Feeds

IBM dreams of optical chips with tiny light pulse device

Your server will be all 'bew bew bew bzzzap'

Top 5 reasons to deploy VMware with Tegile

White coats at IBM today said they have built the world's teeniest optical switch, measuring 100 times smaller than the cross section of a human hair.

Big Blue said its new nanophotonic switch device brings the company another step closer to creating computer chips that use light pulses instead of electrical signals on copper wires.

Once electrical signals are converted into pulses of lights, the tiny device ensures that optical messages are efficiently directed from one processing core to another.

IBM contends in a paper published in the journal Nature Photonics that the old wire way will become yesterday's news when on-chip optical interconnects are — cough — finally brought to light.

Specifically, the promise of optics will become more and more appealing as chip makers continue to increase processing cores at roughly the same speed that shaving supply companies add superfluous blades to their razors. Copper wires, they argue, could simply use up too much power and be incapable of transmitting the enormous amount of information between massively multi-core processors.

Switches represented by black boxes

The researchers say each individual wavelength in an optical switch can transfer data at up to 40Gb/s. And because the switch is able to route different wavelength "colors" of light simultaneously, IBM claims aggregate bandwidth can exceed 1Tb/s. They envision using light will multiply the speed information is sent between cores by as much as 100 times, while using 10 times less energy.

The company said its tiny switch is ideally suited for on-chip applications because of the sheer lack of scale. Big Blue estimates that as many as 2,000 of the devices could fit side-by-side in an area of one square millimeter. (Which by the way means that if each device was mounted by an angel, a full 4,000 could dance on the head of a pin. Who says computer chips and ontology don't mix?)

Optical switch (bright red, actual size)

IBM scientists assert that their optical switch is also rugged enough for the hardcore, heated world of semiconductors. The optical switch is capable of operating in an environment with changing "hot-spots" that move around depending on the processing function.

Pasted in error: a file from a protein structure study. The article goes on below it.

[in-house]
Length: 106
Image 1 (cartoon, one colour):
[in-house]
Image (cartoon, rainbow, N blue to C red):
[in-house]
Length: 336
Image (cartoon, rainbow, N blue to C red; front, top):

The full report is titled "high-throughput silicon nanophotonic wavelength-insensitive switch for on-chip optical networks," by Yurii Vlasov, William Green and Fengnian Xia of IBM's T.J. Watson Research Center in New York state. Find the August issue of Nature Photonics right next to Cat Fancy and Root Vegetables Today in fine newsstands everywhere. ®

Secure remote control for conventional and virtual desktops

More from The Register

next story
The cloud that goes puff: Seagate Central home NAS woes
4TB of home storage is great, until you wake up to a dead device
Azure TITSUP caused by INFINITE LOOP
Fat fingered geo-block kept Aussies in the dark
You think the CLOUD's insecure? It's BETTER than UK.GOV's DATA CENTRES
We don't even know where some of them ARE – Maude
Intel offers ingenious piece of 10TB 3D NAND chippery
The race for next generation flash capacity now on
Want to STUFF Facebook with blatant ADVERTISING? Fine! But you must PAY
Pony up or push off, Zuck tells social marketeers
Oi, Europe! Tell US feds to GTFO of our servers, say Microsoft and pals
By writing a really angry letter about how it's harming our cloud business, ta
Astro-boffins start opening universe simulation data
Got a supercomputer? Want to simulate a universe? Here you go
prev story

Whitepapers

Why and how to choose the right cloud vendor
The benefits of cloud-based storage in your processes. Eliminate onsite, disk-based backup and archiving in favor of cloud-based data protection.
Getting started with customer-focused identity management
Learn why identity is a fundamental requirement to digital growth, and how without it there is no way to identify and engage customers in a meaningful way.
Reg Reader Research: SaaS based Email and Office Productivity Tools
Read this Reg reader report which provides advice and guidance for SMBs towards the use of SaaS based email and Office productivity tools.
The hidden costs of self-signed SSL certificates
Exploring the true TCO for self-signed SSL certificates, including a side-by-side comparison of a self-signed architecture versus working with a third-party SSL vendor.
Intelligent flash storage arrays
Tegile Intelligent Storage Arrays with IntelliFlash helps IT boost storage utilization and effciency while delivering unmatched storage savings and performance.